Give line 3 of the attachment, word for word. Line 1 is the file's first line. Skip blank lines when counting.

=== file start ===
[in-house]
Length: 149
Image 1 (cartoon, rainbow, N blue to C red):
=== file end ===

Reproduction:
Image 1 (cartoon, rainbow, N blue to C red):